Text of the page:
Dean Mighell, the long-standing Victorian State Secretary of the Electrical Trades Union (ETU), resigned from his leadership position last month.
If measured in terms of a record of improving the wages and conditions of members, Mighell has been the most successful union leader in recent times. This is particularly impressive when compared to the backsliding and rottenness pervading so much of the trade union movement today.
Even the Melbourne Age newspaper was forced to admit: “(Dean Mighell) has built the ETU in Victoria into a significant political and industrial player while much of the union movement has languished.
“Since (he) took over (the ETU in 1995) its number of members has grown from about 8500 to close to 20,000 while assets have swelled from $8 million to $52 million. It is probably the richest union in the country. Wages for workers in electrical contracting have nearly tripled during his reign and on the desal plant electricians were able to earn in excess of $150,000 a year.
“There are also lasting industrial achievements such as winning the first 36 hour week in construction or schemes on income protection. More recently he has kept thousands of contractors connected to the ETU, the type of worker often lost to unions, through a body called ETREC.”
Mighell built up the strength of the ETU using traditional class struggle methods. He told the Age that the tactics his opponents feared were learnt from communist unionists.
“The basics of what our union does is quite old school,’’ he said. ‘‘A reliance on strong stewards, involved membership and you organise them and educate them and aim to have control in your industries.”
However while his industrial tactics were communist-influenced, Mighell is not a socialist. He describes himself as “an economic nationalist”.
He pragmatically and ruthlessly used the industrial power of electricians to leverage better wages and conditions than previous ETU leaderships. Non-socialist trade union leaders have managed this before but the fact that Mighell was able to do this under more difficult circumstances underlines his flair and strength of leadership.
But being an economic nationalist, the aim was always to leverage a few extra crumbs off the capitalist table, not challenge the system. There are clearly limits as to how much capitalists could cede to workers, limits that will become all to clear as we head into a world-wide slump. Socialists don’t support the economic nationalist premise that the only alternative to neo-liberalism is to support weak Australian capitalism against its competitors via tariffs and subsidies.
The alternative to neo-liberalism must rather be a militant defence of jobs and conditions linked to a fight for an alternative socialist reorganisation of society here and worldwide. The first political step must be to create a new working class mass political party – separate and in opposition to all the current pro-capitalist parties.
At one stage, in 2002, Dean Mighell came close to this conclusion. He held a media conference with the Victorian United Firefighters Union leader, Peter Marshall, announcing plans to disaffiliate from the ALP and he suggested that he might set up a new workers’ party. At the time, the Socialist Party fully supported this call. Unfortunately, Mighell retreated from this outlook and instead briefly joined the Greens.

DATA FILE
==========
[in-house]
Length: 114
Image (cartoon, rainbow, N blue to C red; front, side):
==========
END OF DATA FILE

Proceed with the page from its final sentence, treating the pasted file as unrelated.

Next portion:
Mighell ended up rejoining the ALP only to be driven out by Kevin Rudd in 2007. Subsequently, in 2010, Victorian ETU members voted overwhelmingly to disaffiliate from the ALP. Over the years, the Victorian ETU has supported Green and even Socialist Party election campaigns.
For most of his time in office, Mighell zigzagged between supporting the ALP, Greens and more recently the right-wing economic nationalist Katter’s Australian Party. Only a few weeks after stepping down from the ETU leadership he announced that he would become the industrial relations spokesperson for Katter’s party.
In the view of the Socialist Party this move is a huge mistake. Katter’s party is a mixture of right-wing economic nationalism and social conservatism. It has attracted all sorts of misfits including homophobes and climate change deniers. The broader politics of the party are fundamentally anti-working class.
Even if the party is able to develop a progressive industrial relations policy under Mighell’s watch it will be at odds with the rest of the party’s program. Katter’s party supports Australian capitalism first and foremost – a system that necessarily exploits workers, small farmers and the environment for profit. No amount of window dressing can change this basic fact.
It is true that Mighell’s motivation has always been to get the best deal for his members but the reality is that ETU members are still no closer to getting the political representation they deserve. We see the way forward as fighting for militant trade unionism to be married, not to capitalist politics, but to a genuinely socialist new workers’ party.
In the next period, it is likely that the new ETU Secretary Troy Gray will continue the industrial line of the past 20 years. However unless a clear political alternative is developed it is possible that the union will drift back into the orbit of the ALP. This may not necessarily mean re-affiliation but in practise they could be drawn back into supporting ALP campaigns.
The Socialist Party acknowledges the role played by Dean Mighell in the trade union movement for over 20 years. While we have definitely not always seen eye to eye we think his achievements should be duly noted. Every Victorian electrician only need look at their pay slip and conditions to see what the ETU led by Dean has achieved.
By Stephen Jolly